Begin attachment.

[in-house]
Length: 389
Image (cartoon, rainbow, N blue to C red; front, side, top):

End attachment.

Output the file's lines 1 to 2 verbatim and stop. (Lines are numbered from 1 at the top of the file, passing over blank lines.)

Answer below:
[in-house]
Length: 389